Monday, December 18, 2006

The Color Me Funky European Tour 2006: Spreading the Gospel of The Funk - Part 1

The Color Me Funky European Tour featuring LMT Connection, Joel Parisien and Nadir was a non-stop rollercoaster ride with thrills, chills and even some spills. From October 24 to November 12, 2006, our troupe trapsed through Austria, Hungary, Germany and the Netherlands, spreading the gospel of The Funk to enthusiastic congregants at every stop.

As advertised, the musical pyrotechnics on stage were spectacular, but the real drama occured offstage - in the clubs, on the roads and in the mountains of the European Union.

The tour began well before October when Hubert Moser, the hardest working man in European show business, planned, booked and promoted the high wire act that was the Color Me Funky tour. When artists like Ivan Neville, Fishbone, The Ipanemas, Sharon Jones and the Dap Kings and Azymuth travel to the Old World, they hire Moser as tour manager, chief navigator and head cheerleader. Moser's Miracle Dread Productions lives up to its billing as "the company for real music" by bringing the world's best musicians to European audiences. By the time we arrived at Munich airport, Wah-Wah Moser had everything tuned up and ready to hum like a well-oiled Mercedes Benz.

Everyone involved knew the tour would be something special, and the stage was set from the very first show. Opening night was a rocker in Mozart's hometown, beautiful Salzburg, Austria at Rockhouse, a unique concert venue built into the side of a mountain.

As the opening act I set the pace with 25-minutes of solo funk featuring burners like "Daddy's Cane", "Slave", "Guantanamo" and Funkadelic's "Good To Your Earhole". By the time I launched into the salacious groove of "Sanctified", the crowd was clapping, stomping, dancing and chanting, "So good it's sanctified!" Then it was time to call Canada's finest into action one at a time.

Joel Parisien is a bad man. The singer/songwriter plays keyboards, percussion, saxophone and a MEAN human beatbox. Ask "Soul Joel" what he doesn't do, and he claims that he is only an average guitar player, but I don't buy it. I bet he plays the hell out of a guitar.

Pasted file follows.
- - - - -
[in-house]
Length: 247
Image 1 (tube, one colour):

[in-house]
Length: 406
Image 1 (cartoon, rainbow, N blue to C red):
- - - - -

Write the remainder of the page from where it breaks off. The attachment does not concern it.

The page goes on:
His real gift is the voice. Joel's soulful phrasing and lyricism are uncomparable. Joel can "sang", children, like Sunday morning service right before the pastor preaches about Daniel in the lion's den. In later shows, Joel would join me on stage during my set to turn "Guantanamo" into a hymn of faith and redemption for guitar, voice and piano, and we'd really take it to church on "Sanctified" when Joel cranked up the organ. By then the crowd was hyped up and pre-warmed, ready for LMT Connection and...

...The Funky Bass. "Big Bad" John Irvine is a groove machine. The 4-string thumper from Ottawa is a master showman, and as a piano player and guitarist, John's grasp of composition and arrangement give him a truly creative approach to bottom first bass playing. John also uses various effects and chords to add different colors to LMT's funky flavors.

Next up to bat is the "Hard Hittin" Mark Rogers. The award-winning drummer/producer has been banging the skins since the age of eight, and has been recognized as one of Canada's best drummers for years.

Mark employs a pleathora of rhythms in LMT's sets moving from Motown to jazz, from latin to afrobeat, from rock to funk. Most drummers should pay attention to him if for nothing but the clinic he gives in how to create an interesting and entertaining drum solo.

Finally we call the legend to the stage. Detroit's own Leroy Emanuel has performed or recorded with Marvin Gaye, John Lee Hooker, Gladys Knight and the Pips, Bohannon, Stevie Wonder, Al Green, ZZ Hill and on various Motown sessions in the early 70's. He was a founder of the 70s Detroit funk outfit The Fabulous Counts who enjoy an underground cult following to this day.

Leroy is a funk guitar monster, a passionate singer and a great songwriter. He moved to Niagra Falls, Canada about 20 years ago and founded LMT Connection with Rogers and Irvine. The band has made a name for itself touring Canada and Europe for the last 17 years.

This was my second European tour with LMT, and both times were tremendous experiences - musically, educationally, spiritually. All of the shows were magical.

But when you're on the road, life offstage is the real adventure. From bus breakdowns in the Hungarian countryside to three-car pile-ups with the members of Fishbone in Austria... I'll discuss these tales and more in Part 2.

Photos courtesy of Rockhouse and Nadir. For more photos of the tour, please visit the photo gallery.


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